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correspondence

Indian Pediatr 2011;48: 653

Overestimation of Prevalence of Vitamin A Deficiency among Rural Preschool Children of West Bengal, India


Umesh Kapil and *HPS Sachdev

Department of Gastroenterology and Human Nutrition Unit,

All India Institute of Medical Sciences, New Delhi 110029; and *Department of Pediatrics and Clinical Epidemiology, Sitaram Bhartia Institute of Science and Research, B-16, Qutab Institutional Area, New Delhi 110016.
Email: umeshkapil@yahoo.com

 


We read with interest the recent communication on the prevalence of Vitamin A deficiency (VAD) among rural preschool children of West Bengal [1], and urge caution in extrapolating the VAD burden because the survey methodology was prone to overestimating the magnitude of deficiency.

Night blindness was also assessed between 12 and 24 months of age: The presence of night blindness cannot be reliably identified among children between the ages of 12 and 24 months. The World Health Organization (WHO) has therefore recommended that the age group of 24-71 mo should only be included for assessment of night blindness amongst children [2].

Conjunctival xerosis (X1A) as an independent indicator of VAD: VAD is only one of the several causes of conjunctival xerosis; thus the reliability of this sign (X1A) for independent assessment of VAD in field conditions is questionable [3,4]. Conjunctival xerosis is clinically expressed as marked dryness or unwettability; the affected area appears roughened, with fine droplets or bubbles on the surface, rather than smooth and glistening. These changes are best detected in oblique illumination and the abnormalities are often overlooked or, in apparent overcompensation, over-diagnosed. Thus, changes in the conjunctival xerosis by themselves are not an accurate basis for estimating prevalence of clinical xerophthalmia [2,3].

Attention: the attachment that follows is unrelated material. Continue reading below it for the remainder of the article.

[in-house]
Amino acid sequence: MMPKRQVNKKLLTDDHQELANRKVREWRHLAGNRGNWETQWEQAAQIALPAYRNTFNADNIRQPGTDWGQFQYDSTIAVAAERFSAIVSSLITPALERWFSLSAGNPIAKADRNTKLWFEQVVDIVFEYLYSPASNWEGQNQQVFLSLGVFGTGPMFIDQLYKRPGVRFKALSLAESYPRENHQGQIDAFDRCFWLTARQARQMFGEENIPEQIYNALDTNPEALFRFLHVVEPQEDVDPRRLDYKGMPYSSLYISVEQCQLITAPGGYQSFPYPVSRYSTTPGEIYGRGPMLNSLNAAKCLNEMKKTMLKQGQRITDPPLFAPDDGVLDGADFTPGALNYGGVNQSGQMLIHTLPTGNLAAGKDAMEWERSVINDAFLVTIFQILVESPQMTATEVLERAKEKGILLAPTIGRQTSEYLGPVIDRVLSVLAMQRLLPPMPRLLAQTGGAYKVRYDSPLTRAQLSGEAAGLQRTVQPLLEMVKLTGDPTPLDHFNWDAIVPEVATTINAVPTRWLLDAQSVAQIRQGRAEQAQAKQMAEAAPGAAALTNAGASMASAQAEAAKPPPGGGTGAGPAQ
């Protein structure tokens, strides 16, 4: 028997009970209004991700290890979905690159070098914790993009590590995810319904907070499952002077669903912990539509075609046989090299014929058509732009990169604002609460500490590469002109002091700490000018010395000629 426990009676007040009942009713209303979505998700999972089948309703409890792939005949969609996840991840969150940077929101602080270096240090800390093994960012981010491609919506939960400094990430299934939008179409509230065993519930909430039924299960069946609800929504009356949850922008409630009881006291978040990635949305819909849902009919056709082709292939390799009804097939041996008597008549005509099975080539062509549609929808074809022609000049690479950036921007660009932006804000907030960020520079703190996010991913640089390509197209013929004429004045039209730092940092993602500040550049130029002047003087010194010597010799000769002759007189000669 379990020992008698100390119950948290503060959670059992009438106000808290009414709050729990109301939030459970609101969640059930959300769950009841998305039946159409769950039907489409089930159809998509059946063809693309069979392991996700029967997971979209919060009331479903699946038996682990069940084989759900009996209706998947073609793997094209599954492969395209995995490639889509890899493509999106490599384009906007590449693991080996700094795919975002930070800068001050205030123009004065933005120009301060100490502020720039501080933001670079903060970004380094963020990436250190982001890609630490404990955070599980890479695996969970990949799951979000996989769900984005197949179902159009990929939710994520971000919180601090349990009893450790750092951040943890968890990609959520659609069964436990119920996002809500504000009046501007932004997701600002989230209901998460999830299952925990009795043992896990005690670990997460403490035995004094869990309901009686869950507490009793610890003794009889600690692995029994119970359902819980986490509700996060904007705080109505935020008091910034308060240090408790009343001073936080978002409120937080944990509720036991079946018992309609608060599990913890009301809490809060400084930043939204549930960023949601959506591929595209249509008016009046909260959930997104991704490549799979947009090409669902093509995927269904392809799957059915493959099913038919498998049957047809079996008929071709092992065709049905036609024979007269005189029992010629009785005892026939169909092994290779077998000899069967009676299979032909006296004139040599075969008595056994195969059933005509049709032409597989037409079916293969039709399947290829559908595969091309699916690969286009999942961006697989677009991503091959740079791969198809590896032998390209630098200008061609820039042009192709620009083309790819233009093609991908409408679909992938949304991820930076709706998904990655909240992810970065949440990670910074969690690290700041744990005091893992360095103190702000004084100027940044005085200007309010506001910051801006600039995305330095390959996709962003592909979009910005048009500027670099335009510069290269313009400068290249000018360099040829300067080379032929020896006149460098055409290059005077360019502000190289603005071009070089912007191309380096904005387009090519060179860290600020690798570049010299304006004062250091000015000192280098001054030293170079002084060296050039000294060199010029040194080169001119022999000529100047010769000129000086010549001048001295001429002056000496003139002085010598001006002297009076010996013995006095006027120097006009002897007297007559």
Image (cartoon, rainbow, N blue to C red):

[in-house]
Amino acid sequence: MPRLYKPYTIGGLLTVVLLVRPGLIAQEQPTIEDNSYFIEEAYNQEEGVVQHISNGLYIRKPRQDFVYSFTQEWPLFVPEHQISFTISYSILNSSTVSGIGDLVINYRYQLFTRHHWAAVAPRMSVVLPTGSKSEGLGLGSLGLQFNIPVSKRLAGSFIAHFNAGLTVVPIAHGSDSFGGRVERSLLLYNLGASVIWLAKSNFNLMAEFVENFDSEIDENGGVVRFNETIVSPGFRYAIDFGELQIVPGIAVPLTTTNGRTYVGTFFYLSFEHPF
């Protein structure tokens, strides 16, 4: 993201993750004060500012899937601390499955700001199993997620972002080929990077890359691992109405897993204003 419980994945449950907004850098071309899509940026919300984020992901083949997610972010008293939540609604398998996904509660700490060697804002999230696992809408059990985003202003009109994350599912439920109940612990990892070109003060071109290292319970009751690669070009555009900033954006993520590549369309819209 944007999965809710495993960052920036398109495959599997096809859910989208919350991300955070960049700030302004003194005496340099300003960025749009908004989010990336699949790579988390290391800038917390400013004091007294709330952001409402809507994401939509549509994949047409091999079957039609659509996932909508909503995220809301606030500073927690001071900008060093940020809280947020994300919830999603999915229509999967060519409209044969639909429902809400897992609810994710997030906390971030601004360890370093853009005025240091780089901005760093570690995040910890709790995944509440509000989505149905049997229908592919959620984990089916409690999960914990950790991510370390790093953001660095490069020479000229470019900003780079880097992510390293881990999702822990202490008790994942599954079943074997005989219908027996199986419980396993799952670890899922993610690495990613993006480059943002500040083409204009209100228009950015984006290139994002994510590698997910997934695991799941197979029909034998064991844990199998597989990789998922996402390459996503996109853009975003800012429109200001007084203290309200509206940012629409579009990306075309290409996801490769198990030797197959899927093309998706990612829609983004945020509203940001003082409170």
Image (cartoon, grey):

Interpreting serum retinol estimates: According to WHO [2], a major disadvantage of using serum retinol concentration as an indicator of vitamin A status is that retinol concentrations are decreased by acute and underlying chronic infections. The authors did not report simultaneous serum C reactive protein levels to detect overt or subclinical infections for an apt interpretation. Serum retinol concentrations are under homeostatic control over a broad range of body stores and may reflect body stores content only when it is very low or very high. Further, the WHO concludes that there is no direct evidence of the serum cut-off value where functional consequences including morbidity and mortality effects, begin to occur [3]. No data has been provided to reassure that the dried blood spot on filter paper did not underestimate the serum retinol levels due to transport conditions.

In view of the declining trend of VAD in several regions of the country, it would have been pertinent to state the year of the survey to put the findings in true perspective. It would also be prudent to caution that these overestimates from the poorest segment of population are not inadvertently extrapolated to the entire state for programmatic purposes.

References

1. Arlappa N, Balakrishna N, Laxmaiah A, Nair KM, Brahmam GN. Prevalence of clinical and sub-clinical vitamin A deficiency among rural preschool children of West Bengal, India. Indian Pediatr. 2010;48:47-9.

2. Report of a joint WHO/UNICEF consultation. Geneva, World Health Organization, 1996 (Review version, WHO/NUT/96.10).

3. Sommer A. Vitamin A deficiency and its consequences: A field guide to detection and control. Geneva: WHO; 1995.

4. Reddy V, Rao V, Reddy M. Conjunctival impression cytology for assessment of vitamin A status. Am J Clin Nutr. 1989;50:814-7.
 

 

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